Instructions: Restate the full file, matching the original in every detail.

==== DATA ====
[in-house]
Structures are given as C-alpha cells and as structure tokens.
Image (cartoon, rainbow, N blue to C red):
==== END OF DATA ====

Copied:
[in-house]
Structures are given as C-alpha cells and as structure tokens.
Image (cartoon, rainbow, N blue to C red):